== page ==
The Who: It's only rock'n'roll
The classical writer Jessica Duchen has recently become acquainted with The Who's rock operas 'Tommy' and 'Quadrophenia'. They certainly rock - but are they really opera?
Tuesday 25 October 2005
The New Grove Dictionary of Music, music academia's Bible, gives the following definition of opera: "The generic term for musical dramatic works in which the actors sing some or all of their parts. Opera is a union of music, drama and spectacle." Its most extreme manifestation is Wagner's ideal, the Gesamtkunstwerk - "complete art work", combining music, drama and spectacle to the highest degree.
More generally, when you go to an opera, you expect to see a good story and believable characters, with music that is appropriate, inspired, sophisticated and well performed. You hope to come out moved and uplifted.
A purist, of course, would have plenty of objections to calling Tommy and Quadrophenia operas. For a start, in most operas, you find a variety of musical structures: dramatic scenas, choruses, love duets, solo arias and ensembles where characters simultaneously express different viewpoints. The singers have to act, staying in their roles for the duration.
But the majority of the songs in Tommy and Quadrophenia are simply songs. They progress, in Tommy, one after the other without speech; telling a story, but without the wide variety you'd expect in a "real" opera. In these staged versions, unlike the feature films, the members of the band aren't in costume, and they convey different viewpoints as the stories unfold. The guest artists do adopt characters: in Tommy, Patti Labelle sings the Acid Queen, Billy Idol the bullying Cousin Kevin, and there are guest spots for Phil Collins and Elton John; Quadrophenia features Billy Idol as the Ace Face.
On the other hand, Townshend - who'd penned operas and studied orchestration, but didn't expect The Who to perform such things - lets rip when opportunity allows. Tommy's recurring plaint, "See me, feel me, touch me, heal me", is as raw and vulnerable as anything you'll hear in Covent Garden, though probably not every singer could bring it off as convincingly as Daltrey. And Tommy's overture is as fizzy and galvanising as any Rossini.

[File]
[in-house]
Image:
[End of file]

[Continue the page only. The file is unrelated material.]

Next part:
Opera traditionally deals with emotion on a grand scale. Tommy and Quadrophenia both involve powerful emotions, springing from a shared underlying theme: the legacy of a generation's wartime traumas upon its children. Unlike many operas other than Wagner's, words and music originate (mainly) with the same creator. Tommy's plot lets it down a bit, requiring major suspension of disbelief: a child witnesses the murder of his father by his mother's lover, turns blind, deaf and dumb in consequence, becomes a pinball champion, then is cured by a smashed mirror and turns into a pseudo-Messiah who nonetheless remains alienated by his experience.
Quadrophenia is more internalised: most of it takes place inside Jimmy's muddled head. Yet this adolescent anti-hero's spiritual journey involves emotions that run so high, with imagery so strong and archetypal, that Townshend borrows directly from Wagner's Das Rheingold to depict a boat journey.
Wagner writes about gods building Valhalla, Townshend about an alienated teenager running away to Brighton; yet their protagonists are tormented to the limits of their experience, whether through godhood or through drink and drugs. Wagner's monumental power matches the myths behind his stories; Townshend's rock soundworld fits Jimmy's angry internal agony to perfection.
It's in Quadrophenia that Townshend really crosses the divide. The four different aspects of Jimmy's mind are each represented by a leitmotif, a Wagnerian association of idea with musical theme, which join together at the climax when Jimmy is stranded on a rock in the sea and experiences his spiritual epiphany. Meanwhile, there's a Gesamtkunstwerk idea, too: in this version, Jimmy's narration is portrayed on film, images of the sea return constantly, and a lengthy instrumental interlude accompanies a montage of newsreel footage, tracing the evolution of teenagers against a background of the Blitz, Hiroshima and The Beatles. What's more, Quadrophenia's subject matter - growing up - is timeless.
In some ways, Quadrophenia is more successfully operatic than many "official" operas of the same time, not least because it's a sophisticated fusion of art forms, primarily well-wrought music, with something powerful to communicate. Townshend reached his audience by writing about alienation; but his classical contemporaries, experiencing alienation themselves, frequently forgot their audience altogether.
Stockhausen's operas (such as Donnerstag aus Licht, 1978) are too navel-gazingly bizarre to expect much uptake. Michael Tippett, who wrote his own libretti, sometimes created psychological stories so convoluted that they can remain baffling even if you like the music.
But The Who's rock operas connect with a public wide enough to include classical-music journalists. We were all teenagers once. We've been there too, even if we were practising three instruments at the time. And we love good music, well performed, whatever its genre. Tommy and Quadrophenia are as characteristic of their era as any opera by Mozart or Wagner.
Labels can be deceptive. Quadrophenia may not be a traditional opera, but it's a marvellous band performing terrific music that tells a strong story, blending song, drama and spectacle in a manner of its own. Moved? Exhilarated? Uplifted? You bet. Rock opera? Yeah. Why not?
'The Who - Tommy and Quadrophenia Live with Special Guests' is released on 7 November by Warner Music Vision
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